Organizational Restructuring

1. Organizational structure is designed keeping in mind how to divide the overall organizational task into subcomponents and then reintegrating so that there is forward movement towards accomplishment of the vision and mission and corporate objectives. In sum it helps multiple people work in cooperative manner rather than working at cross purposes. The functional structure creates high level of specialization and provides the basis of competence on the functional axis of the organization like supply chain, operations, marketing & sales and customer service. The staff functions like, HR, R&D, procurement and strategy provides the support to functional line managers. However it results in functional silos and very high information overload at the staff functions

2. The divisional structure helps reduce the information overload and treats the divisional heads as CEOs of their own business. Strategic & financial responsibility rests with the divisional heads who report to the corporate CEO and consults the corporate top functional experts. This structure provides for every division all the functional expertise as is the case with functional structure. There is duplicity of functions in this structure and thus raises the cost of organizational structure. However the benefits overweigh the costs because of clear accountability and profit responsibility. In sum, each plant should be converted into a profit centre with Profit and loss responsibilities.3. So far UPRVUNL had been following the functional structure and speed of decision making was hampered, reducing the strategic thinking time for top executives. It is important to mention that many of the top managements positions were not filled up because of logjam in the promotion policy. The operating role and project roles were almost confounded resulting in poor accountability, slow speed of decision making and poor monitoring creating poor economic performance. Director technical was looking after the whole technical areas and Director HR looking after the whole organization along with director finance and three of them reporting to CMD. It was a deceptively simple structure but the study reveals that speed of action had been very slow derailing the project work beyond any expected time periods. Some functions were underemphasized in the structure like vigilance & Audit, Commercial and regulatory which in the E&Y proposed corporate structure capture the importance from Governance perspective.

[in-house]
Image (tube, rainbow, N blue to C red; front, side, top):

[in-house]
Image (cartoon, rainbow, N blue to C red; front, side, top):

4. The Head Corporate strategy should also have to be designated as Director Strategy to highlight the importance and quantum of work involved and likely to be involved in assisting the divisions (plants) in strategy formulation. The subunits below director should have an environment scanning/ intelligence group which collect internal and external information and which should report to the Director Strategy. It should have committee members drawn from PRAGATI, Business Excellence Initiatives, and IT, beside two members from Corporate and Business Strategy areas. Similarly all other corporate functions should be headed by Directors (Projects, Operations, Finance and HR). These functions should have committees in each area drawn from sub-units reporting to them. These committees meet every bi-weekly to appraise the progress in each area. Besides, it is proposed to have top executive cross-functional team consisting of 4 corporate Directors and 5 Plant directors each representing the plants. This committee should meet every month to monitor the progress, trouble shoot difficulties and bottlenecks.5. We also propose a replica of the executive team at the plant level involving officials of various specializations at plant level. The Business strategies & plant level operational strategies should be developed at plant level under the leadership of Director of each plant.